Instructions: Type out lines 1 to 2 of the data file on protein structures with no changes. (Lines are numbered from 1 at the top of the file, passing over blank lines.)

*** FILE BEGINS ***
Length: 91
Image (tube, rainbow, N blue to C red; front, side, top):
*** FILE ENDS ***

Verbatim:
Length: 91
Image (tube, rainbow, N blue to C red; front, side, top):